A recent article about the Smith Commission brought an interesting chart: apparently, tobacco tax brings in £1.1bn* to the revenue from Scotland alone. Intrigued, I found the source, the Government Expenditure & Revenue Scotland 2012-13 publication, and made a few calculations using the data on p 32. It turns out that whether you consider Scotland or the UK as a whole, and whether or not you count in the North Sea revenue, while the percentage of smokers is falling, those who still smoke pay (by doing so) an increasing percentage of the revenue.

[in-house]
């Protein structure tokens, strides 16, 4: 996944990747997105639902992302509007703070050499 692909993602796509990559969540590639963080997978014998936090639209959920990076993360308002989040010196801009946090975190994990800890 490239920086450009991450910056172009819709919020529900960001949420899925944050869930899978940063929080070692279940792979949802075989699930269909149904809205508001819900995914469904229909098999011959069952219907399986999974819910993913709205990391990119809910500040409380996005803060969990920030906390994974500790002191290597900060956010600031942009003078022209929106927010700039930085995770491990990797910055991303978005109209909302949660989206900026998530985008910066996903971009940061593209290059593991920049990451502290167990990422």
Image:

Keep this in mind when some politician tells you next time about their ‘fears’ that vaping may be a gateway drug to smoking. Putting aside that this defies both ONS research and common sense (unless you also dread kids’ champagne as a first step leading to alcoholism), the real problem is obviously different: they still haven’t found a pretext for taxing somebody who switches from tobacco to e-cigs as much as when he was still a smoker.
* Incidentally, if you want to say that it costs the economy more than that, McKinsey & Company apparently agree with you – saying that obesity costs just as much; unfortunately it’s hard to tell how much of the £9.3bn/yr in VAT comes from food.